U.S. Secretary of State Hillary Clinton and other top State Department officials are quietly working to calm outrage in India over the attack on a Sikh temple in Wisconsin by an Army veteran who police say is a former white supremacist.
Government officials and Sikh leaders in India were angered by the attack on Sunday that left 6 dead, including 4 Indian nationals, at a Sikh temple near Milwaukee and called on the U.S. to do more to protect Sikhs living in the United States, Foreign Policy
The gunman, identified as Wade Michael Page, 40, who served in Army between 1992 and 1998 and was last stationed at Fort Bragg, N.C., was killed by police.
Clinton called Indian Foreign Minister S.M. Krishna while visiting South Africa on Monday after Krishna criticized the U.S. for failed policies and a growing trend of violent incidents against religious minorities.
“I have seen messages of condolence from President Obama and others,” Krishna said, according to Foreign Policy. “They've emphasized protection of all faiths. The U.S. government will have to take a comprehensive look at this kind of tendency which certainly is not going to bring credit to the United States of America.”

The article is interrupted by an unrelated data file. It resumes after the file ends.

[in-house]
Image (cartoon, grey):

The attack also caused protests in several Indian cities, Foreign Policy reports.
In other diplomatic action, U.S. Ambassador Nancy Powell met with Indian government and Sikh community leaders over, pledging a thorough investigation, and visited a Sikh temple in New Delhi to pay her respects.
In Washington, Undersecretary of State for Political Affairs Wendy Sherman spoke with India’s ambassador to Washington, Nirupama Rao, to condemn the attacks and offer condolences.
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